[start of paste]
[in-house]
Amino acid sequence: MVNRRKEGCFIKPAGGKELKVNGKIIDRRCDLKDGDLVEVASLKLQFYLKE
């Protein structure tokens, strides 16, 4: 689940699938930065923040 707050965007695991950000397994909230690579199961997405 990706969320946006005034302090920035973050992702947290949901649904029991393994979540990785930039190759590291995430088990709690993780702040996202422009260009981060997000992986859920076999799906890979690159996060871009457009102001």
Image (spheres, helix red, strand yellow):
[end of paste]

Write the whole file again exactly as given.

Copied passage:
[in-house]
Amino acid sequence: MVNRRKEGCFIKPAGGKELKVNGKIIDRRCDLKDGDLVEVASLKLQFYLKE
């Protein structure tokens, strides 16, 4: 689940699938930065923040 707050965007695991950000397994909230690579199961997405 990706969320946006005034302090920035973050992702947290949901649904029991393994979540990785930039190759590291995430088990709690993780702040996202422009260009981060997000992986859920076999799906890979690159996060871009457009102001």
Image (spheres, helix red, strand yellow):